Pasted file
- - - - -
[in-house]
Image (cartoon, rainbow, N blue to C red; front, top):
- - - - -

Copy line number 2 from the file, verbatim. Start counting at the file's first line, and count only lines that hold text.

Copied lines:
Image (cartoon, rainbow, N blue to C red; front, top):